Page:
Attack The Block
Director: Joe Cornish

Cast: John Boyega, Jodie Whittaker, Nick Frost
Review by Brian M. Sammons

It sort of seems like 2011 was a banner year for alien invasion flicks, it’s just too bad that the majority of them either stunk on ice or were completely forgettable. How ironic that in that field of overblown blockbusters, the one movie that did it the best is the one that did it for the least amount of money and is least known, at least here in North America. I’m talking about Attack The Block and if you haven’t heard of it, don’t fret, a lot of people haven’t. So I’m now going to do my part to try to rectify that grievous oversight with the following review. You can thank me later.

Attack sets the story and action at a public housing project in London. The stars of the show are young hooligans, I take it they are often called hoodies in the UK, and true to form, all of the young punks do stroll about wearing hooded jackets. In fact, when we are first introduced to them, they are mugging a woman at knifepoint. Yeah, charming, these are exactly the kinds of guys I want to hang out with for the next hour and a half. But as the story progresses, this band of young ruffians show what they’re really made out of when they defend their block (read as: big, old apartment building) from a horde of truly monstrous and memorable invaders from the cold depths of space.

Perhaps the best thing about this movie is the aliens. They are completely black, hairy, bestial hunters that radiate pure menace. The only part of them that you can clearly see is their glowing, electric blue teeth, and boy do they have a lot of teeth. In the pantheon of impressive cinematic sci-fi baddies, these blue-teethed, black-furred monsters can stand proudly, shoulder to shoulder, with any alien ever caught on film. I enjoyed every second they were on the screen, and I’m sure that the fact that they were practical effects, that is non-CGI creations, must have had something to do with that.

But more than just kick ass critters, this movie has great characters, something a lot of movies forget is important when they’re blowing millions of CGI eye candy. All of the punks turned heroes do a good job portraying both tough guys and frightened children, a hell of a thing to pull off well and something that many adult actors fail to get right. The best of this bunch would be John Boyega who plays Moses the leader of the hoodies. I hope he continues acting because I can see a bright future for him if he does. But hey, that’s not to say that the grownups are anything to sneeze at in this movie. Over the last few years I’ve become a big fan of Nick Frost and it’s good to see him here, although he doesn’t have the biggest of parts to play.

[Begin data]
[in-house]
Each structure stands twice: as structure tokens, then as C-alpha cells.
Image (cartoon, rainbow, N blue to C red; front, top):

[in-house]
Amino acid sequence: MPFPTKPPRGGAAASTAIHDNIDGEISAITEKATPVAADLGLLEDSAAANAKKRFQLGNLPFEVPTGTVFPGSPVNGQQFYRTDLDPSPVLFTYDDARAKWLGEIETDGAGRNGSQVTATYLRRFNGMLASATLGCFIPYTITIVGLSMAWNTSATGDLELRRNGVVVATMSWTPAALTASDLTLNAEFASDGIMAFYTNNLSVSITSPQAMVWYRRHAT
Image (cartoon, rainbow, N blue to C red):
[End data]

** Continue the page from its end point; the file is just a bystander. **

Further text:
One thing, this is a very British movie, and by that I mean the accents are thick and the colloquialisms are many. Now if you’re familiar with films from the UK then this probably won’t be that big of a deal, but I do know some folks from this side of the pond that do have a problem understanding English when spoken by the English. However please don’t let that stop you from seeing this very cool flick. After all, it does have subtitles.

I saw this movie on Blu-ray and it simply looked stellar, but that’s par for the course from Sony, who invented the BD format. There is also a nice collection of extras on this disc to appease the fans of behind the scenes goodies. There are three, yes three audio commentary tracks. The “junior” one with writer/director Joe Cornish and the young stars of the show, a “senior” one with the director and the more mature cast, and a producer commentary with the director and producer, Edgar Wright. There’s the typical behind the scenes featurette that runs a very respectable hour long, there’s a twenty minute special on all of the creature effects, and a very short collection of interviews with the young actors called “Meet the Gang.” The typical collection of deleted scenes is missing from this package, but they have been replaced with a conversation with the writer/director on what was cut and why, complete with storyboards. A few trailers and two minutes of the teen actors rapping (why?) round out the impressive list of extras to be found on this Blu-ray disc.

Attack The Block was a fun film with surprisingly good young actors, a new spin on an old story, some well-done moments of tension and fear, lots of funny parts, and very memorable creature design. It’s an old school creature feature from an unlikely source, complete with very unlikely heroes. I highly recommend it.

About Brian M. Sammons

Brian M. Sammons has penned stories that have appeared in the anthologies: Arkham Tales, Horrors Beyond, Monstrous, Dead but Dreaming 2, Horror for the Holidays, Deepest, Darkest Eden and others. He has edited the books; Cthulhu Unbound 3, Undead & Unbound, Eldritch Chrome, Edge of Sundown, Steampunk Cthulhu, Dark Rites of Cthulhu, Atomic Age Cthulhu, World War Cthulhu and Flesh Like Smoke. He is also the managing editor of Dark Regions Press’ Weird Fiction line. For more about this guy that neighbors describe as “such a nice, quiet man” you can check out his infrequently updated webpage here: and follow him on Twitter @BrianMSammons.

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